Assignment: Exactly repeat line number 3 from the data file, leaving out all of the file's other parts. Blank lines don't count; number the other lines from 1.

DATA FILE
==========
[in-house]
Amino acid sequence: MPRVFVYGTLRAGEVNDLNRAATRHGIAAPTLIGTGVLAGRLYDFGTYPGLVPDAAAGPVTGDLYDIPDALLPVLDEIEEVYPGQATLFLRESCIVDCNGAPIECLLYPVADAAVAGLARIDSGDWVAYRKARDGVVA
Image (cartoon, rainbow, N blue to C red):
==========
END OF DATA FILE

Image (cartoon, rainbow, N blue to C red):